J. Arthur Widmer, who pioneered several advances in film special effects, died May 28 in Hollywood. He was 91.
Widmer received a special award of commendation from the Academy of Motion Picture Arts and Sciences at the 2005 Scientific and Technical Awards. He was honored for his achievements in the science and technology of motion pictures, in particular his significant contributions to the development of the Ultra Violet and blue-screen compositing processes.
“Art’s pioneering work has had a profound impact on the film industry,” said Richard Edlund, chair of the Scientific and Technical Awards Committee. “In fact, many of the films we hold dear would not have been possible without his contributions to image compositing technology.”
Born in Washington, D.C., Widmer entered the U. of Michigan at 16, and after graduation, started work at Kodak’s research labs in Rochester, N.Y. During World War II he relocated to Oakridge, Tenn. and the Clinton Laboratories, later to be called the Oak Ridge National Laboratory which was established in 1943 to produce and separate plutonium for the World War II Manhattan Project.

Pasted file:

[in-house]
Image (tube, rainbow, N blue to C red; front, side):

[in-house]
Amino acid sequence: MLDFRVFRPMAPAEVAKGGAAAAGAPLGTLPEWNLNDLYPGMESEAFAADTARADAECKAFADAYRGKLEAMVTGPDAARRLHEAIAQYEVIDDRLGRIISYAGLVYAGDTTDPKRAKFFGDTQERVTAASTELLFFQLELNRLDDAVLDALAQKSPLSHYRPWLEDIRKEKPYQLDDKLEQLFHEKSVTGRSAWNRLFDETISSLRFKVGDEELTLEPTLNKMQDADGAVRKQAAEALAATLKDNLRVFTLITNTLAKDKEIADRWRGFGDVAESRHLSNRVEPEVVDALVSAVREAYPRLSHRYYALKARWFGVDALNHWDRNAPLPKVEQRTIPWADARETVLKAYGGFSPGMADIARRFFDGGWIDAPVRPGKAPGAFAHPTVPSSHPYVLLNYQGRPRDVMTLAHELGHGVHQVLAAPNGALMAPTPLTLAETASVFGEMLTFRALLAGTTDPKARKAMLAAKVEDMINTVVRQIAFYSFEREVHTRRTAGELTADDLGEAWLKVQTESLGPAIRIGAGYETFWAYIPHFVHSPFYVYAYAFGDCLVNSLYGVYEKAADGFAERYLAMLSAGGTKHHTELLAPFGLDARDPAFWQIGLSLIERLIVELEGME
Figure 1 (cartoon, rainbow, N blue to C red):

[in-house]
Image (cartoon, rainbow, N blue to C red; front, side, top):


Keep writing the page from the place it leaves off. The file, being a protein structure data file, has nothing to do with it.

After the war Kodak sent him to Hollywood, where he lived for more than 50 years.
While at Kodak, he researched a variety of new methods of color photography, including Kodachrome. In the late 1940s, he was involved with the introduction of Eastman Color Negative and Color Positive to the motion picture industry.
Widmer began his work with the Ultra Violet Traveling Matte process while at Warner Bros., where he also developed and refined technologies for other motion picture processes including 3-D and wide screen.
In 1964 he was hired by Universal to design and build an optical department, where he researched blue-screen technology and optical printing and made improvements to the Color Difference System. He retired in 1979.
He is survived by a sister and three nieces.